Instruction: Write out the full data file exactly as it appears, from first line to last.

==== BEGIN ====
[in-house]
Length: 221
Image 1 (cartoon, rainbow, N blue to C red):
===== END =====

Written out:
[in-house]
Length: 221
Image 1 (cartoon, rainbow, N blue to C red):